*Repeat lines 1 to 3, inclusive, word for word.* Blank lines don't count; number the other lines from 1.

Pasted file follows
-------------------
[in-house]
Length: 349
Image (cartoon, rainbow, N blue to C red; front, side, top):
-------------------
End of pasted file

[in-house]
Length: 349
Image (cartoon, rainbow, N blue to C red; front, side, top):